Monday, July 30, 2007

The Biscuit Fairy

My Omnivore is not necessarily a morning person, shall we say.

On this particular morning, he trudged, bleary-eyed into the kitchen. Then he let out a little shout of joy.

"The Biscuit Fairy! The Biscuit Fairy came!!"

As he is fond of saying, he may be a California Boy now, but he was born in the South, and buttermilk biscuits are one of those things that bring a tear to his eye.

Because we've been experimenting with making our own cultured butter (inspired by Melissa 's post over at Traveler's Lunchbox), we had just exactly a cup of actual homemade buttermilk. Would it taste just like when we made it with store-bought buttermilk? Wll, let's just say that the Biscuit Fairy does not serve crappy biscuits...

Buttermilk Biscuits

2 cups flour
4 teaspoons baking powder
1/4 teaspoon baking soda
3/4 teaspoon salt
2 tablespoons butter
2 tablespoons shortening
1 cup buttermilk, chilled

Preheat oven to 450 degrees.

In a large mixing bowl, combine flour, baking powder, baking soda and salt. I like to use a pastry cutter or two knives placed together like scissors to "cut" the butter and shortening into dry ingredients until mixture looks like crumbs. (The faster you get through this part, the better, you don't want the fats to melt.)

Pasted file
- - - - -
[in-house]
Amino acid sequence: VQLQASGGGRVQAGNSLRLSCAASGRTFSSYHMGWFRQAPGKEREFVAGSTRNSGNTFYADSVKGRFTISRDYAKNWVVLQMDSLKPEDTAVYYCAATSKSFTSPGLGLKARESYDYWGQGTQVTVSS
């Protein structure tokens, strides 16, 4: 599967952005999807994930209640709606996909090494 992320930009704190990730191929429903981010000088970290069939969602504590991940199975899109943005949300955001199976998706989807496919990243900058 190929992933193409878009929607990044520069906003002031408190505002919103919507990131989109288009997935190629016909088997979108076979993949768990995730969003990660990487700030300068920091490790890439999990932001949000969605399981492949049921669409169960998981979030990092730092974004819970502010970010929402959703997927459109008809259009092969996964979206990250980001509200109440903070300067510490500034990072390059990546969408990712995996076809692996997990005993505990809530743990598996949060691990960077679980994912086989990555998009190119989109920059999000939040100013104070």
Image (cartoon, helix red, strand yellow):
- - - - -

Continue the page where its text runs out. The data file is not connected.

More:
Make a well in the center and pour in the chilled buttermilk. Stir just until the dough comes together. (It will be very sticky.)

Turn dough onto floured surface, dust top with flour and gently fold dough over on itself 5 or 6 times. Press into a 1-inch thick round. Cut out biscuits with a 2-inch cutter (Although I use a 1/2 cup measuring cup that has lost its handles), being sure to push straight down through the dough. Don't let it slip off the edge -- a good cut on the sides is what allows it to lift during the rise.

Place biscuits on baking sheet so that they just touch. gather together the scraps of dough, working it as little as possible and cut another series of biscuits.

Bake until biscuits about 15 minutes, until they are risen and browned on the tops.

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